We wheel our bikes out of the area (it's actually fenced off, strictly speaking you're not allowed to do this but the park rangers are very understanding), there's a short walk to do so we head off. When we return the bikes have been there long enough to garner attention from the bus loads of tourists. Many of them are from the Queen Mary which docked this morning. A constant stream of people chat to us (Sally attracts particular attention) and ask to take pictures. By the time we leave we grace dozens of random peoples photo collections. A nice couple off the Queen Mary from Atlanta, Carol and Max give us their contact details and ask us to call them if we are passing through.
A few shots of the walk near the sign...
Also, in the Tierra Del Fuego national park is the southern-most post office in the world. We hopped back on the bikes and found our way down to it, if anything it was even more spectacular than the first spot...
In a moment of madness I decide that I need to strip off the boots and stand in the water where 2 oceans meet - need I say brrrrrrrrr.
We headed back and Sally made a great Spaghetti Bolognese for dinner in the hostel kitchen - nice to have a proper home cooked meal for a change.
The next day we returned to the oil change mission. Tim heads out and found that the Suzuki dealer doesn't stock any oil but the Kawasaki dealer does....however by this time it is 10:00am and the shops are closing to reopen at 3:00pm. We wait until 3 and follow Tim up to the Kawasaki dealer. He speaks Spanish quite well and is able to ask is it's ok for us to change our oil at the back of his shop. The owner says it's fine and gives us a bucket. He only has 20W50 mineral oil but it will have to do.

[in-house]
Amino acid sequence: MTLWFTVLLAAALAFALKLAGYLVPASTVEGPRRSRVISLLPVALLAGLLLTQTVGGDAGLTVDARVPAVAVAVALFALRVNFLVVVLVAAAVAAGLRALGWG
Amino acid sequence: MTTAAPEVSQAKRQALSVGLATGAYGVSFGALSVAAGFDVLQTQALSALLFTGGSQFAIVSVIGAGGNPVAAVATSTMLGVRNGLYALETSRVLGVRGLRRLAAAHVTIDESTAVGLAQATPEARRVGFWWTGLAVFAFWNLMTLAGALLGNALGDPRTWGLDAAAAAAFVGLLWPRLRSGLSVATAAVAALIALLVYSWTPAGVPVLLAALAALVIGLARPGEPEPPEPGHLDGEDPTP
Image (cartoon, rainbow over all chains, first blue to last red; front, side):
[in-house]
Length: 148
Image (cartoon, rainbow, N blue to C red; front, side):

[Sally] I'd like to do a small boat tour, but not one that takes 10 days to get to Antarctica and costs US$5000. We go on a 2.5 hour cruise around Beagle Channel seeing various Cormorants, a colony of Seals and the light house. It's enough to see the scenery from the water which is what I wanted.
We get back about 5pm - and it seems just the right time in Argentina for any mechanics business....
[Jeff] Wandering around town earlier I had found an industrial supply shop, of course being between 12 and 3pm it was closed, but now it would be open again. We go in and ask if they know a welder in town. He's very helpful and draws us a rough map, so we go in search of the location. There's nothing in the vicinity of the location shown on the map that remotely resembles a workshop and we begin to suspect that the map shows where a welder lives, not an actual workshop or mechanic. On the way back, we spot a workshop that repairs cars (a panel beater), so we decide to have a crack and ask if they can help. Turns out we struck gold, they not only spoke English, but also ride bikes and have a welder who could do the job for us. We went for a beer while he got to work and when we got back he'd done a great job for us - cost ARG100 pesos (AU$10). I fitted the stand back to the bike while Sally prepared round two of the Spag Bol for dinner.
A couple of shots from near the port in Ushuaia....
That night I had intentions of making it an early one, to be fresh for the morning. However I got into a long - but appreciated - series of discussions with our fellow travellers, swapping contact details and advice for the road ahead. The other guys had shown up back at the hostel at 11pm with all the ingredients to make pizza from scratch - needless to say it's wasn't ready until 2am, then they were up partying until 5. I managed to hit the sack around 1:00am, so could have been worse.
The following day it was time to bid farewell to the others and Ushuaia and head......well, the only way you can from here - North!